All Title Author
Keywords Abstract


Modeling Ocean Chlorophyll Distributions by Penalizing the Blending Technique

DOI: 10.4236/ojms.2014.41004, PP. 25-30

Keywords: In Situ, Satellite, Ship and Buoy, Penalized Regression Spline, Penalty, Penalized Blending

Full-Text   Cite this paper   Add to My Lib

Abstract:

Disparities between the in situ and satellite values at the positions where in situ values are obtained have been the main handicap to the smooth modeling of the distribution of ocean chlorophyll. The blending technique and the thin plate regression spline have so far been the main methods used in an attempt to calibrate ocean chlorophyll at positions where the in situ field could not provide value. In this paper, a combination of the two techniques has been used in order to provide improved and reliable estimates from the satellite field. The thin plate regression spline is applied to the blending technique by imposing a penalty on the differences between the satellite and in situ fields at positions where they both have observations. The objective of maximizing the use of the satellite field for prediction was outstanding in a validation study where the penalized blending method showed a remarkable improvement in its estimation potentials. It is hoped that most analysis on primary productivity and management in the ocean environment will be greatly affected by this result, since chlorophyll is one of the most important components in the formation of the ocean life cycle.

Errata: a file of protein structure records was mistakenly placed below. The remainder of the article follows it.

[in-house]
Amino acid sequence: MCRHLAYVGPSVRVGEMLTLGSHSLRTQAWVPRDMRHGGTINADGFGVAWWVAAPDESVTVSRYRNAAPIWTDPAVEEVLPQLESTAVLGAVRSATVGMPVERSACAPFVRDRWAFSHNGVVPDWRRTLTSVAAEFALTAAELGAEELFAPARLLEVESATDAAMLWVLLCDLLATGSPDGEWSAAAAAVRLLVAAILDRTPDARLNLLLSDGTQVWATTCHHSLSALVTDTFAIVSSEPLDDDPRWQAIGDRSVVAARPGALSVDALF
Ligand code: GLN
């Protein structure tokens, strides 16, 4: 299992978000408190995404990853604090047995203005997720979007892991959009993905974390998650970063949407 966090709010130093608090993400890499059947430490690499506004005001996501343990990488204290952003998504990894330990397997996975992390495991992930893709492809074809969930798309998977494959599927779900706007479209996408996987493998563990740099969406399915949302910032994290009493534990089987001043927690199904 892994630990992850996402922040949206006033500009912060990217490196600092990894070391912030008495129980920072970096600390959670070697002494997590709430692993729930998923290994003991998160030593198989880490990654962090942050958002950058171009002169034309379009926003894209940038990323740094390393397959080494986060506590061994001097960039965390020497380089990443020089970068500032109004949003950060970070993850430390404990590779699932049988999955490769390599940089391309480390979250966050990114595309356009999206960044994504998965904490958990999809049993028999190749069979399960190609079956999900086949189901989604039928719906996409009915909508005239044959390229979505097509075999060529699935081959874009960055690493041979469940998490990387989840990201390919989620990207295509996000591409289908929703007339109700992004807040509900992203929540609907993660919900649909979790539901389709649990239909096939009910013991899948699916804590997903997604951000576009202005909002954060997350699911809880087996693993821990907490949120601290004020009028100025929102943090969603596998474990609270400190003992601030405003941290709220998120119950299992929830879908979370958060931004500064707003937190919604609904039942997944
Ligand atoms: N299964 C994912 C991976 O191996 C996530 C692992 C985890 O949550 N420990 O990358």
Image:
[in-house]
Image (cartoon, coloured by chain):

References

[1]  E. Clarke, D. Speirs, M. Heath, S. Wood, W. Gurney and S. Holmes, “Calibrating Remotely Sensed Chlorophyll-a Data by Using Penalized Regression Splines,” Journal of Royal Statistics Society, Series C, Vol. 55, No. 3, 2006, pp. 331-353.
[2]  R. W. Eppley, E. Stewart, M. R. Abbott and U. Heyman, “Estimating Ocean Primary Production from Satellite Chlorophyll. Introduction to Regional Differences and Statistics for the Southern California Bight,” Journal of Plankton Research, Vol. 7, No. 1, 1985, pp. 57-70.
http://dx.doi.org/10.1093/plankt/7.1.57
[3]  D. A. Flemer, “Chlorophyll Analysis as a Method of Evaluating the Standing Crop Phytoplankton and Primary Productivity,” Chesapeake Science, Vol. 10, No. 3-4, 1969, pp. 301-306. http://dx.doi.org/10.2307/1350474
[4]  A. H. Oort, “Global Atmospheric Circulation Statistics,” NOAA Prof Paper 14 180pp Nat. Oceanic and Atmospheric Administration Silver Spring, Maryland, 1983.
[5]  R. W. Reynolds, “A Real-Time Global Sea Surface Temperature Analysis,” Journal of Climate, Vol. 1, No. 1, 1988, pp. 75-87.
http://dx.doi.org/10.1175/1520-0442(1988)001<0075:ARTGSS>2.0.CO;2
[6]  W. W. Gregg and M. E. Conkright, “Global Seasonal Climatologies of Ocean Chlorophyll: Blending in Situ and Satellite Data for Coastal Zone Colour Scanner Era,” Journal of Geophysical Research, Vol. 106, No. C2, 2001, pp. 2499-2515. http://dx.doi.org/10.1029/1999JC000028
[7]  M. A. Onabid, “Improved Ocean Chlorophyll Estimate from Remote Sensed Data: The Modified Blending Technique,” African Journal of Environmental Science and Technology, Vol. 5, No. 9, 2001, pp. 732-747.
[8]  S. N. Wood, “Thin Plate Regression Splines,” Royal Statistical Society, Series B, Vol. 65, No. 1, 2003, pp. 95-114.
http://dx.doi.org/10.1111/1467-9868.00374
[9]  S. N. Wood, “Generalized Additive Models: An Introduction with R,” Chapman and Hall/CRC, London, 2006.
[10]  R. Scraton, “Further Numerical Methods in Basic,” Edward Arnold Ltd, Kent, 1987.

Full-Text

comments powered by Disqus